SELF-EMPLOYMENT is on the march in Scotland, with 44 per cent more women and 13% more men working for themselves since the financial crash of 10 years ago this month.

But concerns are growing that Chancellor Philip Hammond again has the self-employed in his sights for a Budget tax grab, as he casts around for cash to fund the UK Government’s £20 billion NHS promise.

In the past decade the proportion of the Scottish workforce who are self-employed has risen from 14.1% to 15.8% for men and from 6.3% to 8.6% for women.

The Federation of Small Businesses has said boosting self-employment “could help to turn around some of Scotland’s most disadvantaged places”.

Following his first Budget last year, Mr Hammond was forced into a humiliating retreat from raising national insurance contributions for 2.5 million self-employed people after admitting it flew in the face of a Tory manifesto tax promise. But the Chancellor still defended the policy, saying it was right to “reflect more fairly the differences in entitlement” between employed and self-employed people.

However, the FSB takes a different view, saying: “You have to maintain some tax differential because you need to back people taking on the risk of starting their own business.”

Last week it emerged that the Chancellor has made a U-turn on the Government’s promise to scrap flat rate Class 2 national insurance contributions (NICs) for the self-employed, which would have saved over three million workers £150 a year.

FSB national chairman Mike Cherry said the decision “raises serious questions once again about the Government’s commitment to supporting the self-employed”.

He added: “Class 2 NICs is a regressive levy that indiscriminately hits sole traders and makes life even tougher for those who are hard up. Once you’ve reached a minimal income, there’s no tapering or means testing in place at all. As things stand, you can be earning below the living wage and still be paying two sets of NICs as a self-employed person. All the while you’re wrestling with a Universal Credit system that’s trying to strong-arm you into full-time employment.”

Universal Credit, the Government’s overhauled benefits system, is seen as penalising the self-employed because it ignores the volatility of their incomes.

This week business leaders learned that the Chancellor is now poised to axe the flagship New Enterprise Allowance scheme, despite regularly talking up how the scheme has helped over 100,000 people start their own business since 2011.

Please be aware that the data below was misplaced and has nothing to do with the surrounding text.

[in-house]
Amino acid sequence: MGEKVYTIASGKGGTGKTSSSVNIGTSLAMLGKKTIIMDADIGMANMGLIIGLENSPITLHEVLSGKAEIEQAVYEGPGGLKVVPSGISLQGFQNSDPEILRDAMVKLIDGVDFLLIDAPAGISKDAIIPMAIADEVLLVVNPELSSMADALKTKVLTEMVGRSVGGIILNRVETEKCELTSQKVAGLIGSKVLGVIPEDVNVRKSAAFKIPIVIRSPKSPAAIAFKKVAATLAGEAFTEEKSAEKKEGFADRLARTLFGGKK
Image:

Andy Chamberlain, deputy policy director at the independent professionals and self-employed group IPSE, said: “Encouraging people into self-employment and to run their own businesses is an overwhelmingly positive thing for the economy, as it lowers unemployment and boosts government coffers in the long term.

“The Government should think very carefully before axing the allowance, and IPSE would like to see it reformed rather than repealed.

“What is doubly damaging about this move is the fact that it comes just 24 hours after the Government decided to backtrack on its pledge to abolish Class 2 NICs. Both moves are fundamental breaches of faith with the self-employed.”

As the Chancellor prepares his autumn Budget against a background of a £20bn pledge for the NHS, there are concerns that further raids could be in prospect. The FSB said there is now “a sense that since a lot of money needs to be raised, small businesses and the self-employed are a soft target”.

It has warned that the VAT threshold for a small business - currently £85,000 - could be reduced, adding to burdens and inflating costs to customers. It is also concerned that the Treasury may again slash the tax-free dividend allowance, which is invaluable to small company directors and their families. Introduced by former Chancellor George Osborne as a £5,000 allowance, the allowance was slashed to only £2,000 in Mr Hammond’s first Budget. The FSB estimates that scrapping it altogether would raise an extra £1.3bn by 2022 on top of the £2.6bn the Treasury expects to gain from the original cut

Already this month the Government has admitted it is backing away from full support for a pensions dashboard that would enable workers to monitor all their pensions in one place.

Mr Chamberlain said: “With just 31 per cent of the self-employed saving into a pension, the Government must have a role in solving this crisis. IPSE is bitterly disappointed that the Government has now backed down on its earlier promise to deliver the crucial pensions dashboard.”